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perception.doc

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Department
Psychology
Course
PSYC 212
Professor
Evan Balaban
Semester
Fall

Description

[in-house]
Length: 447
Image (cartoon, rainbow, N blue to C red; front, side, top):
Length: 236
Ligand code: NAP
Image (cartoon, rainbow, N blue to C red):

CHAPTER SEVENTHE AUDITORY SYSTEM MUSIC AND SPEECH PERCEPTIONMusical instruments have multiple resonant qualities produce complex tones that contain a fundamental frequencyproduce a set of harmonics that are exact multiples of the fundamentaldespite this instruments produce a single pitch sensation musical pitchequivalent to the pitch associated with the fundamental frequencyit is believed that the spatial arrangement of wave patterns on the basliar membrane produced by the harmonics is responsible for their coherence into a single pitch sensationoctave21 frequency ratiorepresents the fundamental interval of musical pitcheffective range of musical pitch spans seven octavesbeyond this range the harmonics are no longer suitable as musical soundsan octave can be further divided into intervals called notespositions of notes in an octavechromaequally tempered scaleestablished by BachWestern musical culturebroken into 12 equal divisions known as semitonesmusical notes are represented by staff notationallows musicians to play music without knowing pitch compositionmusicians have a welldeveloped sense of relative pitch as a result of listening to and playing tonal sequencesperfect pitchability to identify an isolated tone by name is much more difficult110000timbrea difference in tone qualityarises from difference intensity distributions of the harmonicseach instrument has its own characteristic intensity distribution for each harmonic of a notecauses subtle differences in the neural activation at the respective points in the basilar membranethree major categories of musical instrumentschordophonesaerophonespercussionsmusic relies on two distinct qualitiestonal superpositions simultaneous appearance of musical tones tonal sequences sequential appearances of musical tonesauditory system is able to distangle the individual components of a musical note in a superposition such as a chord and associate them with an individual noteconstant superpositions occur when they sound pleasantdissonance arises from harsh and clashing combinationsarise when two or more tones produce interference among their activational patterns on the basilar membranetonal sequences are responsible for the melodic quality of music whih in turn creates rhythm and tempothe sequential sound pattern of music resonates with some internal rhythm in the brain that in turn leads to the activation of higher emotional centresthree areas of research on speech perceptionspeech productionspeech comprehensionbrain structures responsible for eachspeech is the only structured sensory stimulus produced by humansvocalization process leading to speech involves the subglottal system larynx and vocal tractvocal folds glottis are controlled by muscles during exhalation to produce a buzzlike sound that is the shaped by different structures of the vocal tract to produce the audible sounds of speechspeech can be broken down into wordswords can be broken into syllablessyllables are broken into phonemesphonemes are the smallest unit of speechcan be represented symbolically by a single characterspeech can be represented by its pressure waveformthis does not contain frequency informationsound spectrographprovides a visual display of frequency as a function of timeintensity is represented by the darkness of the markings on the graphspecific phonemes appear as bands of resonant frequencies called formantsvowel sounds are composed of low frequencies and appear near the bottom of the spectrographconsonants are made up of higher frequencies that appear near the topall human languages are structured symbolic and arbitrary systemsthe goal of psycholinguistic research is to understand the mechanisms that underline human language usesentences are broken down into four different processing stageswords sounds and nonspeech sounds must be isolated and recognized sensory perceptionwords must be identified and their meanings understood cognitive psychologygrammatical rules must be applied to derive meaning from a sequence of words cognitive psychologymeaning must then be interpreted within the specific context cognitive psychologythe unique human ability of speech expression and comprehension arieses due to the presence of the specialized brain areas dedicated to languageWernickes aphasiaability to speakinability to understand languagedamage to Wernickes areaspeech recognitioncomprehension area L hemisphereBrocas aphasiaslurred and slow speechmaintenance of language understandingdamage to Brocas areaspeech production area L hemisphereCHAPTER EIGHTTHE VISUAL SYSTEM LIGHT OPTICS AND THE EYEfor many centuries it was believed that light was made up of particles
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